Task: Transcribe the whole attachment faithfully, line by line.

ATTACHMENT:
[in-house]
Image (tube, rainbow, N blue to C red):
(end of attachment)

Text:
[in-house]
Image (tube, rainbow, N blue to C red):